“If we focus exclusively on the law, prohibiting things we find offensive, then I think we’re going to lose the argument,” Hollis said. “So the more important engagement in my opinion is the private engagement.”

Hollis said students need to support those who are facing life issues in areas the law cannot affect.

“What need to be doing is saying ‘We need to be there to provide resources for those that are coming up. We need to provide resources to those that are dealing with a problem pregnancy or an unwanted pregnancy.’ … These are not situations that the law can deal with at all.”

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  • Bradley Williams

    False advertising disqualifies non transparent Prop 106 and DC’s bill as they simply allow forced euthanasia. The Colorado promoters of assisted suicide are guilty of false advertising. Their bills do not deliver as promised. If they are really supporting individual choices and rights they would provide an ordinary witness to the self administration of the lethal dose. Without a witness they are allowing forced euthanasia. I learned after caring for my wife’s last 18 months of declining autonomy. I learned that you can work on 4 hours sleep. I am focused on how this Prop 106 is written, it’s omissions and how it could be administered to my wife.
    Colorado Prop 106 provides no ordinary witness to the “self-administration of poison”.
    Even as the promoters have inundated us with their chant that the lethal dose “must be self-administered” and mentioned it 9 times in their 11 page Prop 106 they do not provide an ordinary witness to the act. That omission effectively eviscerates all of the so called safeguards. The difference between having a witness to “self administration” and no witness is that one honors individual rights and the other is non voluntary euthanasia. A promoter was once asked “why don’t you just legalize euthanasia?” He said “the public is not ready to accept euthanasia.”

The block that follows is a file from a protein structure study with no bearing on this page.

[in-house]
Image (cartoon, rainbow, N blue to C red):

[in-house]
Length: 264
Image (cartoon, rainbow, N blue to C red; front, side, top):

The process seems to be full of requirements on the front end up until the script is written. Then an heir can pick up the script and administer it without oversight. Know that only 2% of the doctors have attended these events in other states.
    Even the front end “requirements” have fatal flaws. A predatory heir may be a witness to the initial request along with a staff member of the facility. Does that sound like good public policy?
    The rest of the family is not required to be contacted. And everyone involved gets instant immunity. The death certificate is falsified by this law which makes it impossible to prosecute a murder when the death certificate states the underlying illness is the cause of death. There really is no transparent reason not to post poison as the cause.
    This bill Final #145 Article 48 provides that a predatory heir can facilitate the signup process, murder the individual and receive immunity all before the rest of the family is notified. This is neither reasonable nor prudent public policy. This is dangerous public policy that puts the entire population (all ages) at risk of exploitation by the medical-industrial-complex, organ traffickers and predatory heirs.
    I encourage people to read the Oregon model bill before taking a, or expounding on their position. We will agree no matter our starting position that this Prop 106, DC’s and all other Oregon model laws/bills do not deliver.
    This bill is not the one.
    Respectfully submitted,
    Bradley Williams
    MTaas dot org